What is Peripheral Vascular Disease (PVD)?

What is Peripheral Vascular Disease (PVD)?

Peripheral vascular disease (PVD), also known as peripheral artery disease, is a circulation disorder. It’s caused by narrowing blood vessels to parts of the body other than the brain and the heart. PVD is a broad term for a condition that can affect any blood vessels outside of the heart, including the arteries and veins. However, the most common type is lower-extremity PVD, where blood flow is reduced to the legs and feet.

While it can also happen in your arms, hands, and fingers, it’s rarer and makes up only about ten percent of all cases.

Types of Peripheral Vascular Disease


There are two main types of peripheral vascular disease: occlusive and functional.

  • Occlusive peripheral vascular disease - This is the blockage or narrowing of an artery. It most commonly occurs in the arteries in the legs but can also happen in the arteries of the shoulders or the arms. The most common cause is atherosclerosis, or cholesterol deposits in the arteries. Other less common causes include:
    • Abnormal muscle growth in the artery wall (fibromuscular dysplasia)
    • Inflammation (vasculitis)
    • Pressure from outside the blood vessel walls by a mass like a tumor or a cyst
  • Functional peripheral vascular disease - Much less common than occlusive peripheral vascular disease. The arteries in the arms and legs normally dilate and constrict in response to environmental changes, such as temperature fluctuations. But sometimes, this response can be exaggerated due to the:
    • An inherited blood vessel defect
    • Nerve disturbances 
    • Injuries
    • Drugs

Common examples of functional peripheral arterial diseases include acrocyanosis, erythromelalgia, and Raynaud syndrome. 

Signs & Symptoms Peripheral Vascular Disease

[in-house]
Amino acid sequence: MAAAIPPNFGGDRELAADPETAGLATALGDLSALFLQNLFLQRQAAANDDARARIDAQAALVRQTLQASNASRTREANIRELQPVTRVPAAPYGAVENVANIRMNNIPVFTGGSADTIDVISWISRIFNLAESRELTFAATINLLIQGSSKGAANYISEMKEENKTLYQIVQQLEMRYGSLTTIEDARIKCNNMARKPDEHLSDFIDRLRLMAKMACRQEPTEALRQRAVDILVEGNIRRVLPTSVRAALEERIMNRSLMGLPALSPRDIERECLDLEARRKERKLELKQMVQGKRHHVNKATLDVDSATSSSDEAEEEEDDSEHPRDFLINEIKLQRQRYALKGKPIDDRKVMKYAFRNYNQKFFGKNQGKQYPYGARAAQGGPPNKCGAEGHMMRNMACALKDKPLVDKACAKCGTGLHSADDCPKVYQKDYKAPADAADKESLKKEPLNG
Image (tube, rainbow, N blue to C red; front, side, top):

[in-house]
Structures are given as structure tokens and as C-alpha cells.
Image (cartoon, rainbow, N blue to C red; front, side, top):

The classic symptom is leg pain that worsens with physical activity. But up to 40 percent of people with PVD don’t have this symptom. Other signs of PVD include:

  • Limb pain that affects sleep
  • Sores or wounds that don’t heal or heal slowly
  • Pale or blueish feet and/or toes
  • Cold or numb toes
  • Poor nail growth on the toes or little hair growth on the legs
  • Erectile dysfunction, especially in men with diabetes

It’s important to remember that one in five people with PVD are asymptomatic, which is why talking to your doctor if you have risk factors is crucial.

Causes of Peripheral Vascular Disease


The leading cause of PVD is atherosclerosis, or the buildup of plaque—a mix of fat, cholesterol, and other substances—inside your artery walls. The plaque builds up enough to narrow a peripheral artery and reduces blood flow, which can lead to symptoms of PVD such as pain, skin color changes, trouble walking, and sores. 

Other causes of PVD can include:

  • Blood clots - A blood clot can fully block a peripheral artery
  • Diabetes - If diabetes isn’t well controlled, high blood sugar levels can damage blood vessels
  • Vasculitis - This condition inflames the arteries and can cause them to narrow or weaken
  • Infection - This is extremely rare. Two specific infections, salmonellosis (infection with Salmonella bacteria, usually through food) and the sexually transmitted infection syphilis both, can damage blood vessels.
  • Injury - Blood vessels can be injured in accidents like a car collision or a bad fall

Risk Factors for Peripheral Vascular Disease

Risk Factors

While peripheral vascular disease can affect anyone, some people are more likely to develop the condition than others. Risk factors for peripheral vascular disease include: